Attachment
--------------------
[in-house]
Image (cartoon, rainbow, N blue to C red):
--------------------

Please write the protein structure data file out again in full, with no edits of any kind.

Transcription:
[in-house]
Image (cartoon, rainbow, N blue to C red):